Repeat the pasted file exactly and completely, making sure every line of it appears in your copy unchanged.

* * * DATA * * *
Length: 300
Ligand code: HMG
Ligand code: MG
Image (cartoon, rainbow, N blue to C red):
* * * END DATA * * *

Length: 300
Ligand code: HMG
Ligand code: MG
Image (cartoon, rainbow, N blue to C red):